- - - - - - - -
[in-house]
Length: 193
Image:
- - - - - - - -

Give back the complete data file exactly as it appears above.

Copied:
[in-house]
Length: 193
Image: